Dr. Lisa Amini
Director, IBM Research, USA
Why AI needs even more Data Science, and vice versa
Wednesday June 6th, 9:00 – 10:00
Recent advances in AI and deep learning are capturing headlines, and yet suffer from a variety of short-comings, including catastrophic forgetting, inability to generalize robustly, susceptibility to bias, and inadequate techniques for introspection and explanation. Many of these are challenges where an even greater influence from the expertise and rigorous approaches of data science could have profound effects. For example, AI has an urgent and critical need for learning causal models, an area requiring a sound grasp of statistical analysis, principles of identification and other mainstays of data science. Conversely, differentiable (deep learning) techniques for learning causal structure could bring powerful new tools to data scientists. In another example, information theoretic approaches to understanding information flow in deep neural networks could enable more robust, efficient, and predictable AI. AI for ethical decision making is yet another area with a deep need for complementary data science and AI expertise. This talk will cover these, and other examples of projects we are undertaking in the new MIT-IBM Watson AI Lab, and the necessary interplay of data science and AI. I will also highlight a novel academic+industry approach we are taking to AI research, and why it is both unique and compelling.
Dr. Lisa Amini is the Director of IBM Research Cambridge, which includes the newly announced MIT-IBM Watson AI Lab (http://mitibmwatsonailab.mit.edu). The MIT-IBM Watson AI Lab is dedicated to fundamental artificial intelligence (AI) research with the goal of propelling scientific breakthroughs in four research pillars: AI Algorithms, the Physics of AI, the Application of AI to industries, and Advancing shared prosperity through AI; all of which leverage and pioneer machine learning, deep learning, and machine reasoning algorithms. Lisa was previously Director of Knowledge & Reasoning Research in the Cognitive Computing group at IBM’s TJ Watson Research Center in New York, and she is also an IBM Distinguished Engineer. Lisa was the founding Director of IBM Research Ireland, and the first woman Lab Director of any IBM Research Global (i.e., non-US) Lab (2010-2013). As Senior Manager of the Exploratory Stream Processing Research Group, Lisa was the founding Chief Architect for IBM’s InfoSphere Streams product and Research predecessor. She earned her PhD in Computer Science from Columbia University, in New York.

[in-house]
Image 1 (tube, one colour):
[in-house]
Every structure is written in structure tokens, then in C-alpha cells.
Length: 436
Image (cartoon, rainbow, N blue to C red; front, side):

Dr. Surajit Chaudhuri
Microsoft Research, Redmond, USA
What Data Platforms can do to support Data Scientists?
Tuesday June 5th, 9:00 – 10:00
Almost two decades ago, some enterprise database systems including Microsoft SQL Server offered the ability to support data mining primitives (including predictive models) natively in the database systems with the goal of reducing data movement and supporting data governance. However, such attempts did not gain traction. In this talk, we reflect on that failure and discuss the evolution of “in-database” analytics landscape. In the second part of the talk, we discuss in what other fundamental ways data platforms need to advance to aid data scientists with the task of data exploration – an essential step towards gaining insights from data. Specifically, we focus on the challenges of finding and transforming structured data and our approach to “Self-Service” Data Transformation.
Surajit Chaudhuri is a Distinguished Scientist at Microsoft Research in Redmond (USA) and leads the Data Management, Exploration and Mining group. He also works closely with Microsoft’s Azure Data division. Surajit’s current areas of interest are Big Data platforms, self-manageability, and cloud database services. Working with his colleagues in Microsoft Research, he helped incorporate the Database Engine Tuning Advisor and Data Cleaning technology in Microsoft SQL Server. Surajit is an ACM Fellow, a recipient of the ACM SIGMOD Edgar F. Codd Innovations Award, ACM SIGMOD Contributions Award, a VLDB 10-year Best Paper Award, and an IEEE Data Engineering Influential Paper Award.
Prof. Andreas Krause
ETH Zurich, Switzerland
Towards Safe Reinforcement Learning
Tuesday June 5th, 14:00 – 15:00